By Alanna Mitchell Illustration by Pete Ryan
The science of genetics is offering new insights into the evolution of life on Earth. As it progresses, mysteries tumble.
Peering deep within the architecture of the cell requires the urge to figure out not only what is there but also what isn’t, and why. Since the middle of the 20th century, molecular biologists have known that the cell contains chains of DNA that twist around each other in the fabled double-helix structure. The components of those chains determine whether a creature is pond muck or a petunia or a human.
More recently, biologists have begun tracking how the pieces of those chains changed over time and across species: when new elements appeared, when old ones dropped out, how existing elements shifted around or mutated. That lets them put a timeline on the complicated web of life, determining when species first showed up and when they split off from each other.
Naturally, there’s been an intense focus on humans, part of the abiding scientific quest to understand how our species got here. Recent academic papers have revealed the genomes of not only modern humans but also some of our closest living relatives, the chimpanzee and the bonobo, in a bid to establish what genes we don’t share.
As well, genetic sleuths have unravelled some of the more sordid secrets — interbreeding among them — of two extinct humanoid species we once shared the planet with: Neanderthals and Denisovans. Most of us carry DNA from both those species. Neanderthals also carried human genes before they died out about 40,000 years ago.
But after such excitements, which genome to map next? Well, why not some of New Zealand’s kiwis? They are curious creatures, to be sure — chicken-sized, nocturnal, ground-living, flightless, wingless, big-egg-laying birds with obtrusive nostrils at the tip of their beaks. But the quest to discover how a kiwi became a kiwi is not quite as random as it might seem.
For one thing, theses odd birds are confined to the islands of New Zealand. Just like the Galapagos Islands of Ecuador, which gave Charles Darwin his first clues about how creatures adapt, isolated islands are fascinating in evolutionary terms. Geneticists can easily track the steps creatures took to survive in whatever living conditions they encountered.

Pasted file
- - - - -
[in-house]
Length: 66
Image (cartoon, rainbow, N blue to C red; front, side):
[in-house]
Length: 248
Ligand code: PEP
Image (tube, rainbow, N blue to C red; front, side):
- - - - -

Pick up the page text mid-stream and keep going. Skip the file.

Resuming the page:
New Zealand is a beautiful case because it separated from the ancient supercontinent Gondwana about 80 million years ago. Kiwis showed up there about 30 million years later. Back then, however, they could fly, and that’s how they arrived on the islands. (Their nearest relative was the Madagascan elephant bird, a vast creature three metres tall that towered over humans, weighed in at as much as 500 kilograms and went extinct in the 17th or 18th century.)
The New Zealand of 50 million years ago was also home to the moas, huge flightless birds that dominated the islands. In fact, until humans arrived in about the 13th century, swiftly pushing the moas into extinction, birds were the big wheels in New Zealand, taking the domineering places that mammals such as bison and wolves used to take in North America.
With such strong competition for food, kiwis were forced to become nocturnal. So, no more blithe day flights in search of sustenance. Instead, they needed to become adept at foraging for food on the ground in the night. That required them to change.
It happened extraordinarily quickly, at least in evolutionary terms. Between 30 million and 38 million years ago, the North Island brown kiwi (Apteryx mantelli) lost the ability to see in colour. As well, the birds’ retinas adapted to low levels of light, all of which presumably helped them see in the dark with such small eyes. (This adaption contrasts with owls, which developed big round eyes to cope with living at night.)
Kiwis also developed a superior sense of smell, allowing them to find insects at night by rooting around with their beaks, nostrils to the fore. Not only that, but kiwis also developed low metabolic rates and all but lost their wings, likely to help them conserve energy.
This is strikingly similar to how mammals adapted to a world dominated by dinosaurs. For about 160 million years, mammals evolved into small, nocturnal creatures with excellent sniffers and poor colour sight. Kiwis, such inspired survivors, made the changes in about a fifth as much time.
Today, just 68,000 kiwis remain on Earth, spread across five species. All are endangered. They are not nimble breeders, not good at getting away from predatory humans, dogs, cats and stoats, and not good at moving to safety. Whether they survive in centuries to come remains to be seen. Either way, pioneering work in genetics today will enable future scientists to see the hows and whys in kiwi DNA that sealed their fate.